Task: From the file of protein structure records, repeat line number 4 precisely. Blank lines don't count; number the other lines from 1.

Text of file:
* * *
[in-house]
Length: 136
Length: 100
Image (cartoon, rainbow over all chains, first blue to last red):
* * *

Image (cartoon, rainbow over all chains, first blue to last red):